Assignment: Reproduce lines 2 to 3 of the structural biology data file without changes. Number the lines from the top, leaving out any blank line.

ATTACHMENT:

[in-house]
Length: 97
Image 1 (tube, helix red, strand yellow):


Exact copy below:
Length: 97
Image 1 (tube, helix red, strand yellow):